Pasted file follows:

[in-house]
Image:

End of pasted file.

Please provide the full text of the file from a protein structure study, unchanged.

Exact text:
[in-house]
Image: